Laura Seiderman calls it her sidekick. She never leaves home without a bottle of CBD oil.
"It really is like magic for me," said the newlywed from Broward County.
"I really use it for so many different things, headaches, for sleep issues, nausea," Seiderman said.
She uses both CBD oil and creams.
CBD is an extract that comes from hemp or marijuana plants – the parts that don't make you high. It's put in all types of products for its reported health benefits.
"It really just takes the edge off," said Seiderman.
But if you buy CBD products from a store in Florida today, you have little way of knowing what you're putting in your body.
CBD has not been regulated in Florida. That means the label may say the product contains CBD but the consumer has few ways to know if someone checked to be sure.
When the NBC 6 Investigators put CBD products to the test earlier this year, we found more than half of the products had less than half the amount of CBD advertised on the label or no CBD at all.
"Which is so upsetting especially because I see how beneficial this could be," Seiderman said.
Consumers have filed complaints about bogus products with the Florida Attorney General.
One consumer said they bought a "fake product," another said the product gave them "severe headaches," and a third said the product they purchased make them "sick and incoherent."
The Florida Commissioner of Agriculture and Consumer Services told the NBC 6 Investigators it's a problem that needs to be fixed.
"I've been very vocal on the products being out there aren't safe to our consumers," said Commissioner Nikki Fried. "Some of them have metals in them, high THC, no CBD in there, it's a fraud on our consumers."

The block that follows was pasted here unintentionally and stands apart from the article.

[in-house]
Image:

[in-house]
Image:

A new state law is expected to be signed by the governor this week that would require all Florida products to be lab tested so consumers can see what they're buying.
It would also make it legal in Florida to buy CBD as long as there is less than .3% THC inside.
At Green Roads, a South Florida-based CBD business, they already do their own lab testing. The co-founder of the company lobbied for the new law.
"You're ingesting this, so if you don't have those guidelines and rules you could cause actually more harm than good," said Green Roads co-founder Arby Barroso. "You want to make sure what's in the product is trusted."
The company puts bar codes on all of its products. If you scan the code with your phone, it'll take you directly to the test results. The same system would be standard for any CBD products bought and sold in Florida.
The law would not regulate products sold from other states over the internet.
Unless the Governor vetoes the legislation, it will go into effect July 1.